3. Who wins in trade wars?
No one, if history is any guide. When President George W. Bush raised steel tariffs in 2002, U.S. gross domestic product declined by $30.4 million, according to the U.S. International Trade Commission. The U.S. lost about 200,000 jobs, about 13,000 of which were in raw steel-making, by one estimate. A report by the pro-free trade Peterson Institute for International Economics estimated that Bush’s tariffs cost about $400,000 for every steel-industry job saved. The World Trade Organization also ruled that the Bush tariffs were illegal.
4. What has Trump done so far?
He’s imposing tariffs on up to $60 billion of as-yet unspecified products imported from China in retaliation for what he calls decades of intellectual property theft. He imposed tariffs of 25 percent and 10 percent, respectively, on steel and aluminum imports, which prompted China to say it could hit back with tariffs of its own. While he temporarily exempted allies, including the European Union, from the metals tariffs, he expects them to grant concessions to the U.S. to maintain the exemption.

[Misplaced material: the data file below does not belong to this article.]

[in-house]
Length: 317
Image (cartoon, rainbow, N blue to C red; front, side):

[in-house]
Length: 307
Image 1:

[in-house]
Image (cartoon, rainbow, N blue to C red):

5. Why did Trump invite this fight?
In a March 2 Twitter post, he declared trade wars “good, and easy to win.” His focus remains reducing the U.S. trade deficit, which shows the country imports hundreds of billions of dollars more than it exports. Stepping back from trade deals like the North American Free Trade Agreement and the Trans-Pacific Partnership also appeals to Trump’s base of voters in America’s Rust Belt. But talk of a trade war is alarming to many U.S. business leaders, who largely support existing trade deals, and the securities markets, which fear lower profits and slower economic growth if the U.S. turns protectionist and other countries retaliate.
6. Who has retaliated?